“It's wonderful to see if one can transfer from one discipline to the other. From my observation, skaters have in their minds what the technical challenges are. You can almost see it in their faces all the time. What I've been trying to do is get them to relax that sort of approach and get out of the technical pursuit. We all need to have technique. But we also need not to see technique on an ongoing basis – but to see skating, or dancing.”
Villella's Visions of Emeralds: An Homage to Mr. Balanchine is set to the Fauré music Balanchine used for the opening section of Emeralds. As he had for Reveries, Villella intentionally chose music associated with the master, but listened to it with skating's unique gliding and other attributes in mind. “I wanted to see if I could make it logical and practical, to use that as a guiding point. Therefore, I felt I would really be bringing the best of ballet – or the best visions of his intent.”
Villella's homage/translation is an elegantly structured, graciously musical piece that has less of an “old world” feeling than Balanchine's more expansive work. It's deep forest-green costumes are sleek, and the dresses have bodices that evoke the celebrated Karinska designs. (The highly attractive costumes for the entire program were by Alicia Jackson, who finds a lovely individual palette for each work.)
Villella surrounds his central romantic couple (Beata Handra and Joel Dear), who never separate for long, with four women who at times seem to be protective guides, at others serve as devoted followers. There's a gorgeous moment, at the point in the music when the horn seems to issue a fate-like summons, when the couple float to opposite ends of the rink, only to be pulled back to the center, where they circle each other in expansive spread eagles. It's beautifully simple and reverberant.
Villella's other work on the program is a witty winner. He has expanded The Three Smokers, a deft, jiving male trio set to Arie Shaw's recording of Back Bay Shuffle that he had set on Ice Theatre of new York, into a four-part suite, adding more of Shaw's juicy, infectious arrangements. The men meet up with three vibrant ladies and enjoy a night on the town to “Begin the Beguine.” A central couple then floats through a dreamy encounter to “Stardust.” But when the women move on, the men don't appear lost without them – they're fine with each other for company.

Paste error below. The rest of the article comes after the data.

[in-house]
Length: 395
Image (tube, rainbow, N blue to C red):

In his six works on the program, Webster showcased his inventiveness and ability to utilize the spaciousness of the rink to evoke drama and heighten relationships. Whether it was a duet, trio, octet or a showcase for the full ten-member troupe, Webster's choreography discovers a skating momentum within the music, and even when tricky lifts are included, he never forces its effects. His works have elegance, momentum and variety. They tend to exude a pristine refinement, which is lovely – but maybe one of these days he'll shake things loose a bit.
Spring Awakening, which opened the evening, somehow unearthed a buoyancy and grace in Max Richter's rather heavy-handed reworking of Vivaldi's The Four Seasons. Webster rearranged his cast of eight with kaleidoscopic variety, and included some partnering flourishes that the skaters performed effortlessly – and always with musical sensitivity. I especially admired the graceful flow of Nocturnes, in which three men and three women had resonant individual moments. They seemed to suspend time with their fluent phrasing and made familiar Chopin selections seem new – and ideal for skating.